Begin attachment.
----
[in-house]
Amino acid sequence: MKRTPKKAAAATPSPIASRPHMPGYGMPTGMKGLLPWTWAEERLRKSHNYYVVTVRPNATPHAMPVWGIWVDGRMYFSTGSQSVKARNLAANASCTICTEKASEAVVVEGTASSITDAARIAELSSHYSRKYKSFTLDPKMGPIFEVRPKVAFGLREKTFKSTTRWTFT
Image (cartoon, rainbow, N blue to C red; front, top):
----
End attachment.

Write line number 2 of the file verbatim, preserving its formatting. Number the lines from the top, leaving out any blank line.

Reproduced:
Amino acid sequence: MKRTPKKAAAATPSPIASRPHMPGYGMPTGMKGLLPWTWAEERLRKSHNYYVVTVRPNATPHAMPVWGIWVDGRMYFSTGSQSVKARNLAANASCTICTEKASEAVVVEGTASSITDAARIAELSSHYSRKYKSFTLDPKMGPIFEVRPKVAFGLREKTFKSTTRWTFT